Co-designed and co-taught by CELLTR's Dr. Joel Heng Hartse, FASS offers writing courses developed specifically to support and engage EAL students in improving their English writing for academic purposes. Co-taught with Dr. Heng Hartse in 2017, Economics instructor Gregory Harder's ECON 220W Economics in the News gives enrolled students an opportunity to work on their academic writing for an economics-focused review of a current event. WL 105W World Literature Lab, co-taught by Dr. Heng Hartse and Dr. Melek Ortabasi, offers EAL students a chance to improve their academic English writing through exploring works of literature from their own heritage cultures and languages.
Professional learning workshops for International Teaching Assistants (ECON 355W)
CELLTR has been involved in training TAs in ECON 355W, Economic Development, regarding issues like responding to second language writers’ texts, inter-rater reliability in marking, and the use of holistic and analytic rubrics. TAs come to CELLTR for three two-hour sessions where they explore their own experience and understanding of “good writing” in economics, specific challenges that second language writers may face, and how to efficiently grade large volumes of papers.
SFU Tandem Language Exchange
CELLTR hosts the Tandem Language Exchange program with the help of volunteer student facilitators. “Tandem” is a method of language learning that pairs up two people who want to learn and practice each others’ languages. Students engage in casual language learning and conversation sessions with optional conversation topics provided by a student facilitator. Recent research in second language education suggests that informal, self-directed language exchange programs can support participants’ motivation, increase learner autonomy, and promote intercultural learning and community development. These programs can also promote a better understanding of multilingualism and intercultural communication on campus, improve student engagement and the overall student experience.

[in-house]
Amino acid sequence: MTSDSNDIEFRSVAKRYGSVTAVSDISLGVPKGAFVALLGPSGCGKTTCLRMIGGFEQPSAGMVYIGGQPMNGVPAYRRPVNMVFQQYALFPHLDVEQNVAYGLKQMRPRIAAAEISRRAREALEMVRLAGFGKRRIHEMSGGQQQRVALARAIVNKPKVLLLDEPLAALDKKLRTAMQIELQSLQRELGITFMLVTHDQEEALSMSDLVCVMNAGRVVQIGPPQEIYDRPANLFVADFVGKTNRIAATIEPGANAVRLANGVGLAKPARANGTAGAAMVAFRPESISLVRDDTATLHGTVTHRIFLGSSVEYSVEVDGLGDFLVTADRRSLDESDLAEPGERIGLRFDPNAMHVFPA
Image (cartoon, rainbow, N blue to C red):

SFU Tandem has been modeled after UBC's Tandem Language Program. We would like to thank and acknowledge UBC Tandem handbook authors, Dr. Sandra Zappa, Dr. Monique Bournot-Trites, Rachel Wang and Robin Ryan. We also appreciate Elisabeth Williams's support in coordinating the Tandem program at SFU.
Academic Writing and Speaking Boot Camp: An immersion experience
With recommendations from CELLTR, the Student Learning Commons (SLC) offers an 8-week non-credit course to improve EAL students’ academic grammar and essay-writing skills. The workshop is open to any student for whom English is an additional language, and who is currently enrolled in an undergraduate or graduate program at SFU. Visiting scholars may also register if space permits.
Supporting multilingual students in Co-operative Education with Job Search Success
The EAL student population at SFU is at approximately 45%; many of these students seek domestic work placements through programs such as Co-operative Education. In the recent literature and through the research conducted for this project, language and culture have been shown to be a significant barrier to EAL student success in the workplace. Staff within Co-op are not typically trained or educated in teaching language and culture in workplace contexts. As a result, EAL students were often displaced to various units, programs or specialty services, none of which were specific to the work search / business writing and placement goals of Co-operative Education.
In 2015, Heather Williams (Language and Culture Curriculum Coordinator, Work Integrated Learning) was given a project to develop some resources for EAL students in Co-op and for staff to reference. With the assistance of Akanksha Thakur and the collaborative efforts of experts from the Student Learning Commons, CELLTR, the Faculty of Education and beyond, Heather has developed Job Search Success -- a four-week, online, facilitated, visually-based co-curricular course that is designed to empower students to understand their strengths, develop their Canadian business writing skills, and intercultural communication skills. A survey tool that assesses the impact of the course using post-pre methodology suggests positive shifts in students’ skills, knowledge, and attitudes.
In partnership with CELLTR and the Work Integrated Learning office, Heather aims to conduct further research on how this integrated course impacts student workplace learning and communication skills. She also continues to collaboratively develop new curriculum on intercultural competence and inclusion with EAL learners at the Centre.
Promoting successful intercultural communications among EAL and native English speakers
Most employers agree that an employee’s capacity for clear communication and problem-solving with people of differing views is an important asset in the workplace. Heather and her team developed and currently facilitate Effective Intercultural Communication, a 5-week online course designed to increase participants’ intercultural understanding and communication skills. The course is open to all students and recognized on the Co-Curricular Record.